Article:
Around 1898, it was decided that both Tegucigalpa and Comayagüela, the neighboring cities being on the banks of the Choluteca River, would form the capital, but with different names and separate local governments. During this period, the two cities had a population of about 40,000 people.
Between the years 1930 and 1960, Tegucigalpa continued to grow reaching a population of more than 250,000 people, giving way to what would become one of the largest neighborhoods in the city, the Kennedy Colonia, the Autonomous University of Honduras, the UNAH and the construction of the Hotel Honduras Maya. It remained relatively small and provincial until the 1970s, when migration from rural areas began in earnest. During the 1980s, several avenues, overpasses of traffic, and the great buildings were constructed, a novelty with respect to a city characterized until then by the two floors of buildings. However, in the absence of the enforcement of urban planning and zoning laws, a very messy urbanization resulted. This lack of proper urbanization due to population growth is evident on the various surrounding hill slopes in the city, where some of the city’s poorer neighborhoods have prevailed.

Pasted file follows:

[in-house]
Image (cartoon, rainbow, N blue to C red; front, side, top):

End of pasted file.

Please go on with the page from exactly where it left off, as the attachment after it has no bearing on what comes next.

The 30 of October of 1998, Hurricane Mitch devastated the capital, along with the rest of Honduras. Over five days, Mitch hit the country, causing devastating landslides and floods, killing thousands of people, as well as heavy deforestation and the destruction of thousands of homes. A part of Comayagüela was destroyed along with several neighborhoods on both sides of the Honduran capital. After the hurricane, the infrastructure in Tegucigalpa was severely cut off. Even 12 years later, the remains of Hurricane Mitch could still be seen especially on the banks of the Choluteca River.